Wednesday, May 13, 2009

13th September 2008: "Sonny Shiba vs Undead Ninjas" double!

The Killing Machine

Japan 1975 colour

aka Shôrinji Kenpô

Director Norifumi Suzuki Writer Takeshi Matsumoto

Cast Sonny Chiba (Mr. Soh), Yutaka Nakajima (Kiku), Asao Koike, Etsuko Shihomi (Miho)

First tonight is another film from the king of Japanese martial arts movies, Sonny Chiba. But rather than one of the myriad of Street Fighter clones like much of his Seventies output, The Killing Machine is a period film with a message: a rather cloying message of self-empowerment which gets a little much really quickly. Just stifle your gag reflex and let the skull-cracking begin.

The film opens in the closing days of World War 2. Chiba plays Soh, a Japanese soldier, killer and spy operating behind enemy lines in mainland China. Upon hearing his commander deliver the tragic news of Japan’s surrender, Soh shoots up his office with a machine gun, and yet the burning shame won’t go away. Cut to post-war Japan, and Soh is adrift in a society white-anted by American corruption: jazz clubs, youths in baseball jackets, black marketeers, and the omnipresent GIs as a reminder of the country’s ignoble defeat. The noble Soh, naturally, can’t keep his mouth shut, and cracks a few American skulls; his sympathetic jailer allows him to escape, and he heads to the countryside to start a Shaolin-style dojo, based on the techniques he learned as a spy in China.

Based on a real life Shaolin master who attempted to rebuild Japanese pride through Chinese martial arts, The Killing Machine is essentially a one-character study, thought the film touches on the two women in Sho’s life: Kiku, a young soiled innocent Soh tries to rescue from a life in the gutter, and Miho (played by Sue Sister Street Fighter Shihomi) who, along with her reluctant brother, is one of his dojo’s first pupils.

It’s always interesting to see World War 2 and the Occupation period from a Japanese point of view. But that point of view is hammered home with Chiba’s trademark ham fists and look of righteous indignation under furrowed brillo brows. I’m more interested to know how American audiences might have reacted to such pro-Japanese nationalistic fervour and glaring anti-US sentiment, and to the ever-present swastikas over their kung fu jackets (I know it’s a Eastern mystic symbol, but still…). If you’re longing for the blood and nihilism of the early Street Fighter films, you’re not alone, and that doesn’t make us bad people. Let’s just take a break from the blood and indulge Sonny at his most pompous. It’s time for Chiba Lite with the 1975 The Killing Machine.

Raw Force

USA/Philippines 1982 colour

aka Kung Fu Cannibals, Shogun Island

Director/Writer Edward D. Murphy

Cast Cameron Mitchell (Captain Harry Dodds), Geoffrey Binney (Mike O'Malley), Hope Holiday (Hazel Buck), Jillian “Kessner”/Kesner (Cookie Winchell), John Dresden (John Taylor), Jennifer Holmes (Ann Davis), Rey King (Go Chin), Carla Reynolds (Eilleen Fox), Carl Anthony (Lloyd Davis), John Locke (Gary Schwartz), Mark Tanous (Cooper), Ralph Lombardi (Thomas Speer), Chanda Romero (Mayloo), Vic Diaz (monk), Mike Cohen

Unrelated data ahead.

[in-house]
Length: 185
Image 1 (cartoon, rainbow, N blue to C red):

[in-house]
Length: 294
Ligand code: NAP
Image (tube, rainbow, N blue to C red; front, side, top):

When your writer AND director is the old boy who played the Captain in Mad Doctor of Blood Island, you may take this as an SOS call.

But fear not – Raw Force is out of its mind. In a good way, of course, but is also foaming at the mouth and howling at the moon. Imagine a film shot by Americans in the Philippines exploiting every possible angle: cannibals, zombies, samurais, white kung fu (this WAS 1982, and Chuck Norris reigned supreme!), gumby comedy, and more flesh on display than a Friday night karaoke crawl in Manila.

Executive Producer Larry Woolner used to be a mover and shaker at Dimension Pictures, who handled a few Filipino features for the Seventies drive-in circuit; Raw Force was his last hurrah, and has that weird tension between old-fashioned entertainment and what he believes the kids want to see. As such, there’s old has-beens hobbling next to young never-wills. It’s Porky’s with Sidney Greenstreet and David Carradine, and none of it meshes. But with a mess this entertaining, thank god for senile dementia.

Aging name actor Cameron Mitchell stars as the skipper of a rusty tub bound for the South China Sea and Hope Holliday is Hazel Buck, the boat’s New York jewish owner. On board are the Burbank Karate Club (actually a few no-name TV actors), plus blonde black belt champion Jillian Kessner, who had already played the lead in Cirio H. Santiago’s Firecracker (1981). It’s a motley crew on a crusty Love Boat stocked with degenerates, schmiels, and the brown end of California’s swingers circles.

Onto the ship comes Speer, a nasty German with a Hitler mustache looking for white women to steal, and his karate-kicking cronies. The ship goes up in flames, and the remaining cast and crew are adrift in a life boat before washing up on Warrior’s Island. There they discover Speer has been trading jade for his plane load of tasty-looking nubiles - Warriors Island happens to be the home of a renegade group of grinning, clapping cannibal monks who can reanimate the corpses of disgraced martial artists to do their bidding. The girls… well, they happen to be the monks’ main course.

And that’s the set up for one of the strangest kung fu horror sex comedies you will ever witness. Keen-eyed Schlock viewers will recognize the chubby features of the ubiquitous Vic Diaz as one of the head monks, alongside Mike Cohen who Weng Weng fans will recognize as Dr Kohler in For Your Height Only. All I can say right now is slip the brain into neutral and enjoy, and if you ever needed proof that the Philippines exists in a parallel universe in which our laws of taste, logic and sanity are turned on their heads, it’s this: the 1982 Raw Force.

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